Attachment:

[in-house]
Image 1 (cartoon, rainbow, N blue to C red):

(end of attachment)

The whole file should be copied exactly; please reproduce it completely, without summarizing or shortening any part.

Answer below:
[in-house]
Image 1 (cartoon, rainbow, N blue to C red):